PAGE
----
Water Water Everywhere – WPC Elemental

“Earth, water, fire, and wind. Where there is energy there is life.”

Suzy Kassem



Our earth is filled with wondrous places vibrant with color and teeming with life. Some of the swamps of South Carolina offer a view into what our world may have looked like centuries before landfill became an option and development became the order of the day.



“Nature that framed us of four elements…..doth teach us all to have aspiring minds.”

Christopher Marlowe*

Here we observe life at it’s most fundamental. Creatures not often seen in other environments are plentiful here – one need only pause to hear their calls. Perhaps they are warning others of our approach, or more likely they are simply communicating in ways we cannot begin to understand.



“Awareness is a mirror reflecting the four elements.”

Nhat Hanh

In these primitive environments we see our earth at its most basic. Deep dark waters house fallen leaves while reflecting the colors of the sky and the sturdy trees that surround them. The heat of the day begins to fade as the cool waters envelop us and we pass more deeply into the realm of the arboreal canopy.



“Warmth is the vital element for the growing plant and for the soul of a child.”

Carl Jung

A moment’s pause in the heart of this environment brings a very particular peace if we are open to it. The sun’s rays are filtered and softened and the air is a tangible thing – somehow heavier and lighter at the same time. The whisper of the breeze can be heard above the peculiar noises of the swamp’s creatures, and at the center of it all, the swamp’s waters nourish both the life of its inhabitants and the soul of its visitors.  As John Muir said “In every walk with nature, one receives much more than he seeks.”  How very true.


*This quote has also been attributed to Niccolo Machiavelli


WPC Elemental

104 thoughts on “Water Water Everywhere – WPC Elemental

  1. Pingback: Water and Water Everywhere – SEO

  2. Drain the swamp! .. ha
    These are awesome — question – what is the name of the stuff that floats on the water around there ..Duck something??
    Is that what is on your top opening photo of your site ? with ?lilipads ? popping out of it?
    That is such s cool photo!

  3. Buatiful photos but I wish I could proclaim water water everywhere in out beautiful Cape. In 2013 and 2014 the dams feeding Cape Town at this stage of the year were overflowing at more than 100% full. In 2015 it was 71% full, last year 51% and currently 31% with the raint season almost over!!

    • Oh dear, that does NOT sound good. On the other hand, here in the US, Houston (our 4th largest city) is totally overwhelmed with a deluge of water from a hurricane. it’s a complete disaster. So I suppose there are worse things than a drought. BTW good friends are visiting Cape Town this month so please order up some good weather for them!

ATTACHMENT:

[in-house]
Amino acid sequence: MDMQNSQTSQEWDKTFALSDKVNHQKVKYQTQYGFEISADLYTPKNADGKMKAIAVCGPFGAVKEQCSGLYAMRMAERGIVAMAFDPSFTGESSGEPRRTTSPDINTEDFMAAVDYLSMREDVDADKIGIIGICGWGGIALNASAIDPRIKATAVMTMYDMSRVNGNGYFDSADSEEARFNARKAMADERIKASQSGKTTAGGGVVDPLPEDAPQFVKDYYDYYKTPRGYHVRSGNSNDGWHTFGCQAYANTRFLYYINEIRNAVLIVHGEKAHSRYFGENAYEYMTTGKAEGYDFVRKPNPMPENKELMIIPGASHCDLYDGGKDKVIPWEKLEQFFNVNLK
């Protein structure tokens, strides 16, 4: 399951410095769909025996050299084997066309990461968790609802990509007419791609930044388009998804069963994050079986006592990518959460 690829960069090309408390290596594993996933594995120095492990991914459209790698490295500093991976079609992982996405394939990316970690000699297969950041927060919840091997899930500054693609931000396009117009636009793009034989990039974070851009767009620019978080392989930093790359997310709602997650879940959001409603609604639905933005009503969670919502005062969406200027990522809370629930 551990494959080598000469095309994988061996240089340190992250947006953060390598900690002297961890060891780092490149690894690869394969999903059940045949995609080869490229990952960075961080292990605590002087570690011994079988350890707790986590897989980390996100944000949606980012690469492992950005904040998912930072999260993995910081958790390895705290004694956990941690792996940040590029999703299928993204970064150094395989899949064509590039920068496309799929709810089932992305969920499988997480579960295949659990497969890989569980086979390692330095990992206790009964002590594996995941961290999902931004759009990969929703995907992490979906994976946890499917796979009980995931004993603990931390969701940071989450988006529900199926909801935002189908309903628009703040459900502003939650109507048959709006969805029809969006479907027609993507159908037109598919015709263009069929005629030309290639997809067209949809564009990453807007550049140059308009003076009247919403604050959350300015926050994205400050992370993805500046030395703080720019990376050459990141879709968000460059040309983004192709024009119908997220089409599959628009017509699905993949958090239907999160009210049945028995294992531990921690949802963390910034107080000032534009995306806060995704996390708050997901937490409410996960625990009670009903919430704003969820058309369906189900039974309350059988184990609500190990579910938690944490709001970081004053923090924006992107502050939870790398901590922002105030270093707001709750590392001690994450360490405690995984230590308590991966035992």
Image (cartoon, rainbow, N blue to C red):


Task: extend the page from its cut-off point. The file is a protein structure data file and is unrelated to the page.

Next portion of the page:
4. “…somehow heavier and lighter at the same time.” I love the quotes here, and yours, too! The photos remind us that it doesn’t always have to be a classic mountain or beach or perfect garden – there is much simmering under the surface in swampy places. Lovely, lovely post!

  5. You’ve got such great contrast with your first three shot ~ beautiful work Tina. I’m very big on water, it has greatly influenced where I’ve lived and I love to explore water in every type of environment. Your first shot (my favorite and a spectacular shot) is something that gets the mind thinking about how it would feel to walk around this area, and then it occurred to me that I’ve never been to a true swamp. I’ve got a new goal 🙂 The creativity of your work helps with these dreams ~ wishing you a great week ahead.

    • Thanks so much Randall. I remember when I moved here some of my northern friends laughed when I said we had a view of the marsh. They said marsh=swamp and disparaged it. Little did they know they are not at all alike and both are gloriously beautiful in their own ways. Nature abounds and one cannot help but feel the peace. I’m with you, living near, if not on, water is a must for me too.

      Hope you are enjoying your new environment and will be posting again soon!

      Sent from my iPhone


    • Many thanks Clem. There are so many great choices today I’d spend some time doing research online. So many variables (cost, size, lowlight tolerances, it goes on and on and depends on what’s important to you.) Pay as much attention to lenses as camera. Most importantly try some online photography and photo editing classes, both can help immensely! Good luck 😀 >

  6. Great post, Tina. Love your Magnolia Swamp shots, especially the lead. Such a special place. (I assume that’s where these are, but there are lots of swamps in the south!) 🙂

  7. Had no idea this was part of South Carolina. It looks so green, so lush and every bit inviting. My favourite shot is the one of the Earth and Sky – the blue and green go so well together. Agree with your sentiment there is something so basic about being out there in nature, out there in the wild. You just don’t know when the next creature will appear, or when the next storm will come around. Sounds like summer is still underway for you, and hope the weather lingers a bit more so you can go out and about 🙂 Love the John Muir quote at the end. It is amazing what the world can give to us when we are not looking and just going about what we want to do 🙂

  8. Pingback: Elemental: Water (Chatsworth) | What's (in) the picture?

  9. wonderful captures Tine….love ‘earth n sky’ …the reflection is gorgeous!!! Also love the impressionistic opening shot of the water lillies……just beautiful!!

  10. Pingback: WPC: Elemental: Fire | Lillie-Put

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